Hi all: I have approx. 200 apple trees and also 6 hives. First never spray my trees when the bloom is on and when I follow the usual spray schedule I spray late afternoon or very early morn to minimize the exposure to my bees. Once the bloom is done the bees seem to lose interest in the orchard and spread out to surrounding areas. If you are concerned I would move your hives farther away. I have had trees and the bees this way for about 20 years. Good luck.

  11. #11
    Join Date
    Mar 2002
    Location
    Brunswick, Ohio, USA
    Posts
    185

    Post

    Hi Karl,
    Can you please tell me your spray program you use on your trees, Im in Ohio our weather is about the same. What chemicals do you use and how often. I have 47 apple trees semi-draft 5 to 7 yrs old. can you help me with a program you use. Thank you. Walt

  12. #12
    Join Date
    May 2003
    Location
    NSW,Australia
    Posts
    71

    Post

    On this subject i have a fig tree that does not flower but produces fruit.

    My dad sprays it for fruit fly but im wondering if any one has seen bees collecting the juice off the figs when ripe.

    Is it wise to cover or close the bee hive for a day while spraying?

    [This message has been edited by chiefman (edited June 08, 2003).]

  13. #13
    Join Date
    Aug 2002
    Location
    Nehawka, Nebraska USA
    Posts
    45,408

    Post

    Personally, I would close up the hive the night before and spray as soon as the flys are active. Wait a few minutes and open up the hives. I think the spray in the air is the main threat.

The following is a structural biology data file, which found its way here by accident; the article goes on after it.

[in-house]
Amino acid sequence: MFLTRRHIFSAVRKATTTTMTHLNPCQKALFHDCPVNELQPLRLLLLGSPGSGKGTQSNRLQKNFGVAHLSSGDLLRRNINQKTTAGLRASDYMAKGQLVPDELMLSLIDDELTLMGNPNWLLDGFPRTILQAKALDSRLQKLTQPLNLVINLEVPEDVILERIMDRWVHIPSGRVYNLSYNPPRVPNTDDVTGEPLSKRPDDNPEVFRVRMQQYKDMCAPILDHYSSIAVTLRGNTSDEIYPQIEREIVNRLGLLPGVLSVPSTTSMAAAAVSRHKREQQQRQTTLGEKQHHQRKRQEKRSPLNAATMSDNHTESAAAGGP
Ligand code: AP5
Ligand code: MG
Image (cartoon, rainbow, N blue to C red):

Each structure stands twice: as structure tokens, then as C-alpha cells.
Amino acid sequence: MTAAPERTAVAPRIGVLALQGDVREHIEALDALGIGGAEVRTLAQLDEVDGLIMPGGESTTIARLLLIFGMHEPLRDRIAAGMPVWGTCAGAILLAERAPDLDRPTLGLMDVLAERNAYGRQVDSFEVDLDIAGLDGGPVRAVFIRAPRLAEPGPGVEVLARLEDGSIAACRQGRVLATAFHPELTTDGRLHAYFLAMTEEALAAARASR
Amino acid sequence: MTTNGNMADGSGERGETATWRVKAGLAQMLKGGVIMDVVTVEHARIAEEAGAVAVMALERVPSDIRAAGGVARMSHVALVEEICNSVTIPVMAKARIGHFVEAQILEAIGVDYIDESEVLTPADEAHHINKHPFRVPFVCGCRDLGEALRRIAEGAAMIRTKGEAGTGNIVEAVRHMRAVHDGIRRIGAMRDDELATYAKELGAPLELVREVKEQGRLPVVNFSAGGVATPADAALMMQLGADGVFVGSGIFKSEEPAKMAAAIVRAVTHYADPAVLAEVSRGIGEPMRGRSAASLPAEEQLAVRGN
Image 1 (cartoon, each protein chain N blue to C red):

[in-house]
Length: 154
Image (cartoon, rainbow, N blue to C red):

I've seen bees collect any kind of frut juice they can get access to, but they can't pierce the skin to get to it.

  14. #14
    Join Date
    Feb 2001
    Location
    Independence,KY,USA
    Posts
    30

    Post

    This topic is very important to me at this time because I found some kind of critter on my pear tree leaves. It's black, 1/2" long and has a big head. It looks almost like a tadpole. I took a leaf w/ one on to my county extention office. I'm wondering if spraying w/ garlic juice mixec w/ cyanne(sp)pepper would work?

  15. #15
    Join Date
    Feb 2003
    Location
    Kingston, WA USA
    Posts
    14

    Post

    Russel,
    It sounds like you've got Pear Psyllia (sp?). We get them on our cherry and pear trees here in the Pacific Northwest.

    From what I understand dormat oil is really just Mineral Oil with an emulsifier added. It should be OK to spray while the bees are in their hives.

    Greg

  16. #16
    Join Date
    Feb 2001
    Location
    Independence,KY,USA
    Posts
    30

    Post

    Greg...et al,

    Thanks for quick input. I was thinking also that since there are no flowers on the tree at this time...there shouldn't be any bee activity near the tree in the first place...so..it's probably ok to use the dormant oil.

  17. #17
    Join Date
    Jun 2002
    Location
    Dousman,Wi.U.S.A.
    Posts
    209

    Post

    Russell: Re dormant oil, its name says it all! It needs to be applied in early spring prior to the trees budding out. I have been told to apply when you will have at least 8 hours of 50 degree weather after application. If applied to leaves already out it can damage the foilage.

  18. #18
    Join Date
    Feb 2001
    Location
    Independence,KY,USA
    Posts
    30

    Post

    So what do I use to kill the little slimy critters on the leases?

  19. #19
    Join Date
    Jan 2003
    Location
    Suffolk, VA
    Posts
    2,475

    Post

    I'm not a farmer nor do I have personal experience with it, but a local organic farmer said good things about: Surround WP Kaolin Clay - Insect Repellent for use in orchards, fields, vegetable gardens.

    See: http://www.extremelygreen.com/Produc...ct%20Repellent

    for more information.


  20. #20
    Join Date
    Jun 2003
    Location
    Las Cruces, NM USA
    Posts
    20

    Post

    Off topic, but could someone direct me to a list about fruit trees? I want to know if a seedling from a good producing apricot tree will necessarily resemble the parent tree. Thanks.

    ------------------
    Linc